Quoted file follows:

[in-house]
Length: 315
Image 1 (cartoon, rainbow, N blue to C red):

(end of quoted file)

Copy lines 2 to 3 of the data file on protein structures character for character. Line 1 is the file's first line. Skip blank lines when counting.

Length: 315
Image 1 (cartoon, rainbow, N blue to C red):